Monday, April 4, 2011

Ana Molka Ahmed – the first woman painter of Pakistan


Whenever and wherever art is talked about, specially in Pakistan, the name of Ana Molka Ahmed stands out prominently. It would not be wrong to say that she was a glowing beacon for the artistes in general and female artists in particular. “In fact she has been the facilitator of a movement that made the proactive role of women artists a possibility,” once remarked by Nilofur Farrukh, the president of International Art Critics Association, Pakistan sections.

Professor Ana Molka Ahmed (1917-1994) was among the first few female artists at the time of independence of Pakistan in 1947. Born as Molly Bridger in London to a Jewish couple, a Polish mother and a Russian father, she studied painting, sculpture and design from the famous St. Martin School of Arts, London, followed by a scholarship to the Royal Academy of Art. But she was to make her name far from her home in the scorching summer of the Indo-Pak subcontinent. She converted to Islam at the age of 18 in 1935, before marrying Sheikh Ahmed, a would be Pakistani in October 1939, then studying in London. The couple later came to Lahore in 1940. Although the marriage broke in 1951, she elected to stay in Pakistan and continued to stay in Lahore with her two daughters till her death.

Three famous paintings of Ana Molka Ahmed: "The day of Resurrection - Qiyamat" (top) - "The Hell (Jhahanum - Hell)" (centre) - "Heaven (Jannat - Heaven)" (bottom)

She was the driving force behind setting up the Fine Arts Department of the Punjab University, Lahore in 1940. The same institution was to later become the training ground for the women artists of Pakistan after the independence. Initially, there were only five or six Muslim students in the art department, but Anna Molka Ahmed went from one college to other seeking and convincing students for her arts department. She headed the department for next three decades (1940-1978). Many of her students, like Colin David, Abrar Termizi, Ghulam Rasool, Shahnawaz Zaidi and Javed Iqbal became famous artists in the country and many of them are playing their role globally.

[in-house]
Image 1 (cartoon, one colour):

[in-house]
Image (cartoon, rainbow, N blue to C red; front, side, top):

She even took evening art classes at Lahore Arts Council (Alhamra) and later in a village near Lahore. Her untiring efforts gradually upgraded art education beyond B.A to M.A. in fine art at the Punjab University. 



It is because of trend setters like her that the feminist art in Pakistan is gaining strength away from traditional gender discriminatory dominance. In fact these days we are witnessing a gradual dismantling of social and gender classifications. This has not been easy, since a lot of women had to struggle hard to bring women atop many a prestigious position - above men, Ana Molka Ahmed has been one such woman.

Beside painting, she was an avid gardener. She would wear her trade mark while tending the garden, cutting hedges in new and artistic pattern, and went on painting and gardening till the very last time until she was ordered by the doctors to stop because it was straining her health badly. She breathed her last in Lahore on April 21, 1994.




Remembering Ana, Professor Dr. Saadat Saeed Urdu Department Ankara University Turkey writes, “She used to treat her subjects boldly. Her grand paintings contain sparks of her domineering and impressive personality. Her impressionistic technique blended with expressionistic tones and shades made her work unique. The suggestiveness of her knife was creative. She chose knife to paint in preference to smooth brushes and made her style so unique that the audience could do nothing but stand and wonder. The style originated by her was so unusual in its essence that art critics declared her work far better than the work done by most of her contemporary artists. Anna Molka's multi- cultural background made her viewpoint vast and liberal. 


Anna Molka used the media of drawing, painting, graphic arts, sculpture and design. She was known as an expert in the domain of still life, animal nature and figures. She used the media of water colour, gouache, fresco, tempera, oil, wax, mosaic to paint and produce unique portraits, still life, landscapes, figure compositions and animal paintings. She loved to paint solitude, loneliness, alienation, mannerism, sufferings and sadness in the perspective of urban landscape. Most of her paintings symbolize materialistic life around us. She painted poetry and wrote sceneries. Her colours were bright and strokes fascinating. 


Anna is part of the beginning of art developments in Pakistan. I am, she said once, "the Mother of all the artists." Recognition of her work is documented through a number of national awards, which include the Tamgha-i-Imtiaz, in 1963, the President's Award for the Pride of Performance in 1969 and also the Khudeja Tul Kubra Medal. A commemorative stamp was also issued a postage stamp in her honour.

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